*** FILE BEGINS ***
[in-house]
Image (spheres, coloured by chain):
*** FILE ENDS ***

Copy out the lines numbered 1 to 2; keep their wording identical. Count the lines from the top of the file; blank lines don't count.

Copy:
[in-house]
Image (spheres, coloured by chain):